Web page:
FAIRBANKS — Inuit wrestling seems to be a meat-and-potatoes version of the sport, as it’s about upper-body strength.

The Inuit wrestlers in action for the Arctic Winter Games competition Friday afternoon at North Pole Middle School could not use their hands to control their opponents.

Each match, featuring a best two-of-three format,  started with the competitors locking their fingers around each other’s torsos. A winner was declared if he executed a solid takedown or exposed his opponent’s back to the mat if both wrestlers were down.

A high school wrestling match has three rounds at two minutes apiece. There is no time limit for a round in an Inuit wrestling match — a round can last a few seconds or several minutes.

“The longest I’ve seen is 15 minutes. I know of people that have seen half-hour ones,’’ said Team Alaska head coach David Lorring. 

“It is all about pacing,’’ added the Seward resident, who won wrestling gold ulus in Arctic Winter Games in 1996 in Chugiak and Eagle River; in 1998 in Yellowknife, Northwest Territories; and in 2000 in Whitehorse, Yukon.

Each team in the Arctic Winter Games has seven wrestlers — five males and two females.

First-time Arctic Winter Games participant Ethan Schumacher had to quickly adapt Friday to Inuit wrestling after being accustomed to high school wrestling.  An Inuit wrestling clinic was conducted before Friday’s matches, which went from round-robin duels to finals.

“It’s a lot of upper body and you don’t touch the legs,’’ said Schumacher, a sophomore at North Pole High School. “You can’t really use your hips much — it’s just all your arms, torso and pecs.”

If a competitor doesn’t have significant upper-body strength, an Inuit wrestling match can be tough.

“If you are not stronger than him and you’re trying to go up against someone with more muscle than you, it’s really a bad thing,’’ Schumacher said. “It puts a lot of fatigue on your muscles faster.”

Schumacher and Nunavut’s Tommy Tugak needed three rounds to decide their 68-kilogram (150 pounds) round-robin match after Schumacher won the first round  and Tugak claimed the  second.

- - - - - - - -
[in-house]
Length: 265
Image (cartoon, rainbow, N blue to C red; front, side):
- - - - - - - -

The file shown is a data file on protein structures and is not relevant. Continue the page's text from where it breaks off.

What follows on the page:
Schumacher won the third round with a takedown.

“I did what my coach told me ...  bring the elbow down on the side and squeeze it at the waist,’’ Schumacher said. “He went to throw, threw it backwards and I just went with it.”

The female competition of Inuit wrestling emphasizes upper-body strength because the contestants start each round on their knees.

“It’s hard for them because they don’t have a lot of movement,’’ Lorring said, “but I think it (female matches) is more brute strength.

“You’re on your knees and you don’t have the mobility,’’ he added. Miriame Giroux, a 71-kilogram entry (156 pounds) for Team Northwest Territories, said that starting on the knees can be advantageous.

“I think it’s more of an advantage, it’s a lot easier on your knees,’’ Giroux said. “You don’t have to move around with the other person and you keep the grip.’’ 

Giroux, who’s from Yellowknife, won her first round-robin match Friday with hip-toss type of move against Nunavut’s Jillian Kaviok.

“I don’t know what happened there. It just kind of happened,’’ Giroux said with a smile.

Joanne Speakman, who coaches the female wrestlers for Northwest Territories, stresses patience.

“I just tell them to slow down and think about each move before they execute, and just do their best,’’ said Speakman, who was a gold ulu-winning  wrestler in Arctic Winter Games in 2006 on the  Kenai Penisula and in 2008 in Yellowknife.

Contact sports editor Danny Martin at 459-7586 or follow him on Twitter: